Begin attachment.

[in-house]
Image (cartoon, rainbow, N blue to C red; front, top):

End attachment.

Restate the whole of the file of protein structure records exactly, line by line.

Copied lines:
[in-house]
Image (cartoon, rainbow, N blue to C red; front, top):